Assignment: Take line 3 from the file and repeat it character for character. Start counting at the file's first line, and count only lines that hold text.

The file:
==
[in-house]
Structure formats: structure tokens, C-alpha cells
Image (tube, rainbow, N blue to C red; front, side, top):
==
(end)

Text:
Image (tube, rainbow, N blue to C red; front, side, top):